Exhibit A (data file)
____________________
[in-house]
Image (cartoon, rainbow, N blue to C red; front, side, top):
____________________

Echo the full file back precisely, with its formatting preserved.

[in-house]
Image (cartoon, rainbow, N blue to C red; front, side, top):